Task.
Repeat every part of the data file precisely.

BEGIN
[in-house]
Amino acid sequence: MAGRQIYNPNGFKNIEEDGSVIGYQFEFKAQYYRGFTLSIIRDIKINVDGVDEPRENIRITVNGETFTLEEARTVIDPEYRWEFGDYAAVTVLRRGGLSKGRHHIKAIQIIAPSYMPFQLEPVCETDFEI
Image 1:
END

[in-house]
Amino acid sequence: MAGRQIYNPNGFKNIEEDGSVIGYQFEFKAQYYRGFTLSIIRDIKINVDGVDEPRENIRITVNGETFTLEEARTVIDPEYRWEFGDYAAVTVLRRGGLSKGRHHIKAIQIIAPSYMPFQLEPVCETDFEI
Image 1: